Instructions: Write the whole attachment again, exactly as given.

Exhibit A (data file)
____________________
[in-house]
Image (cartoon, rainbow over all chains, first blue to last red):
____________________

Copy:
[in-house]
Image (cartoon, rainbow over all chains, first blue to last red):